We mentioned in last week’s blog about the likelihood that Euro-area inflation would show a significant increase when the January numbers were released. We began to get an indication that the number might be quite strong when Spain’s inflation number topped 3%, but even we were surprised when the number printed at 1.8%, well above market expectations of 1.5% and the previous December number of 1.1%. In fairness, the core number remained unchanged at 0.9%, but that won’t be much comfort to the German press nor the Bundesbank, who saw headline German inflation rise to 1.9%. This will increase the pressure on the ECB and ECB President Mario Draghi to consider their monetary policy stance, especially in light of the strong Q4 2016 GDP number of 0.5% quarter-on-quarter, and the strong start to 2017 as evidenced by the recent Purchasing Managers’ Index (PMI) numbers. Perhaps it was in anticipation of this problem that Mr Draghi noted there were four conditions the ECB would need to see before being convinced that a sustained inflation adjustment had occurred:
- Inflation converging to the ECB’s medium-term target of “close to, but below 2%
- Convergence must be sustainable
- Convergence must be sustained without monetary policy support
- Convergence must be across the whole of the eurozone
In reality, we are still some distance from those four conditions being met, and we expect that the inflation numbers will peak in April before falling back towards the 1.5% level. Inflation breakevens have risen quite a bit recently, and that is largely what has driven nominal bond yields higher. Real yields haven’t really moved much, and remain at historically low levels. We believe this could drive the next leg higher in nominal bond yields – an increase in real yields. We think being short real yields in Europe is the most attractive way to position for higher inflation in Europe over the coming months.
2. Currencies: Whisper it, But Trump Might Be Right
For much of the recent past, the FX market has operated under the assumption that the U.S. administration was in favour of a strong U.S. Dollar policy. This goes back nearly two decades to the Clinton government, when U.S. Treasury Secretary Robert Rubin was noted for endorsing a strong U.S. Dollar at almost every opportunity. And even though at times, this policy caused some headaches, each administration since Clinton has re-affirmed this commitment, at least verbally. Neither has any recent President commented specifically on the levels of the U.S. Dollar, so all the more surprising, that U.S. President Trump recently stated that the U.S. Dollar was “already too strong”. He accused China and Japan of “playing the money market, they play the devaluation market, while we sit here like a bunch of dummies”. And just in case the markets didn’t get the message, Peter Navarro (Head of the U.S. National Trade Council) followed up by accusing Germany of having a “grossly undervalued exchange rate”. Despite all the head shaking and tut-tutting about Trump and Navarro’s comments, there may be a grain of truth in what they say, particularly with respect to Germany. It is widely acknowledged that Germany managed to lock in a very favourable (some might say undervalued) exchange rate at the start of the Euro, which its economy (mainly export-orientated) has benefitted from over the past two decades. The corollary to that is other countries in the eurozone (most notably Italy) entered the Euro at quite an uncompetitive exchange rate, and that has led to competitiveness problems for those economies. But we believe the real problem lies with Germany’s inability (or unwillingness) to reduce its massive current account surplus – currently close to 9% of GDP. In a system with fixed exchange rates, there should either be a method for internal fiscal transfers or a recycling of current account surpluses, otherwise the poorer or less-competitive countries will continue to struggle. If neither happens, the Euro area and the Euro currency could continuously face concerns about its future viability.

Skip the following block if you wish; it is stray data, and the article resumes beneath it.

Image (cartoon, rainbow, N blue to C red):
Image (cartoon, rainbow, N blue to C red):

3. UK: The Calm Before The Storm?
Last Thursday saw what is now commonly referred to as “Super Thursday” – the day upon which the Bank of England’s (BoE) quarterly Inflation report is released, the day the Monetary Policy Committee (MPC) meet and the day the minutes of the previous MPC meeting are released. The message from last week was one of “business as usual” – the MPC voted unanimously to keep all monetary policy settings unchanged, but the BoE did make a surprisingly large upward adjustment to their GDP forecast for 2017 from 1.4% to 2%. At the same time, the BoE also revised down their estimate of the UK’s neutral unemployment rate from 5% to 4.5%, indicting a higher degree of spare capacity in the economy than previously thought. The stronger growth forecast but greater spare capacity forecast allowed the BoE to effectively leave their inflation forecasts pretty much unchanged over the forecast period. Despite markets having moved in recent weeks to price in a rate hike by early 2018, the MPC were at pains to point out that policy could move in either direction. The reality, however, is that a move in any direction remains unlikely. But the minutes of the previous meeting did point to some potential disagreements between MPC members, and noted a wide variety of views. According to the minutes “for some members, the risks…meant they had moved a little closer to the limits” to which they would tolerate inflation running above target. Despite the BoE’s upward adjustment to their 2017 GDP forecast, we continue to worry about a potential fall in economic activity once Brexit negotiations begin in earnest later this year, and remain underweight UK Gilts.